OCSC goes to Tanzania!

One of the few things that appears to be on the ‘list’ for everyone I talk with is an African Safari.  And, so it was for the 2012 OCSC Tanzania Safari we just recently completed.  16 OCSC friends and members struck out together to experience the wilds of Tanzania with our Partners, Blue Odyssey, Mango Safari and the Tanzanian outfitter, Nomad Safaris.

We traveled from Arusha, THE jumping off point for most Tanzanian Safaris, through Lake Manyara, an incredibly dense game park a short plane ride away.  Then, to Serena Lodge on the rim of Ngorongoro Crater, one of the largest calderas in the world; thence to the Serengeti Plains and five days in the bush, finishing our trip in mysterious Zanzibar on a beach overlooking the Indian Ocean.

On our first day, in Lake Manyara Park, we started out with TONS of wildlife, from elephants and hippos to zebra and wildebeest and on to baboons and monkeys as well as hundreds of beautiful birds.  One of the big surprises to me was how different and varied the bird life was – incredible shapes and colors that I’d never seen before.   With such a great start, we were off to Serena Lodge, a great eco-resort,  which sits right on the very edge of this huge crater rim, Ngorongoro.  AND, the Serena Lodge Bar has a huge 20 foot by 20 foot picture window looking out over the base of the crater.  There we enjoyed the setting sun’s rays playing on the opposite edge of the volcano while sipping wonderful cocktails and marveling at our good fortune.

On the next day, during a game drive to the base of the crater, we saw our first lions, relaxing in the early morning sun, as well as one of the few resident rhinos hiding from the midday sun under an acacia tree.  These experiences would be emblematic of our guides’ abilities to find interesting game and educate us deeply about habits, history, threats and futures of the animals.  Did you know, for instance, that the lion population in Africa has been reduced by 90% in the last 50 years?  Loss of habitat and poaching have taken their tolls.

We had one more night at Serena and then off to the bush where we would be ‘roughing’ it a bit more.  When I say ‘roughing’ it, I mean luxury tents with running water, showers and en-suite toilets, and wonderful meals and drinks in the common areas.  From these outposts we were able to see tremendous amounts of game, including more prides of lions, cheetah and even a leopard.  Beautiful and graceful gazelles, mostly Thompson and Grant’s.  Some antelope and herd upon herd of zebra.  We also saw a herd of at least 60 giraffes from elders to babies just a week or two old.  In fact, as it was just after the calving season, there were many babies of all species.  Since Cecilia and I are guardians of some domestic cats, we were particularly drawn to the cheetah and lion cubs.  Unbelievably cute. (for cold blooded killers!)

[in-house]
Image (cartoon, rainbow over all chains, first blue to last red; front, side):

At the end of our time in the bush, several of us elected to visit a Maasai boma (family village) populated with over 30 extended family members in mud and dung huts with a fence of prickly acacia branches to keep predators away from the goats and cattle at night.  For some reason I expected the people to be reserved, perhaps even suspicious of us.  But, I was way off.  They were friendly, chatty (with the guides translating) and gave us tours of the boma and huts.  They did have trinkets for sale and we had a blast ‘negotiating’ with them for beaded bracelets and necklaces.  Then it was off to a local Tanzanian school.  This was a highlight of the trip for me.  Our travelers had donated $1600 to this school from the US and it was touching to see just where they planned to spend the money to improve conditions.  (classroom desks and chairs)  While it was interesting to get a tour of the school facilities, it was inspiring to spend time with the kids at the school.  There was no class this day (Sunday) but many of the students have to board at the school because their homes are too far away.  So, we had 200 kids clamoring to visit with us, to shake our hands and look at digital photos we took of them.  We practiced a bit of Swahili and they practiced their English.  Such a fun day.

At the end of our safari, we set up three days in a seaside resort on the Indian Ocean on the Island of Zanzibar.  Each cottage had a patio with hammock overlooking the ocean and the resort had its pool and its dining area on the ocean as well.  Very tranquil, nautical setting.  During daylight hours, (and higher tide) over a hundred small wooden craft, from sailing dhows to outriggers propelled by long poles went back and forth in front of the resort, adding to the exotic nature of the place.  After the dust and dirt of the high plain, this was a great finish to our trip.

While there were too many to list here, I will add that one of the big highlights for me was traveling with such an interesting and vibrant group of travelers.  We had incredible conversations at night as we processed our shared experiences together.  Nothing like unique and beautiful sights to stimulate great conversation!

Like so many people I’ve talked to, I do believe I’ve left a bit of my heart in Africa.  I hope to be back there someday.
-Rich Jepsen

Richard Jepsen

Hi. I love sailing.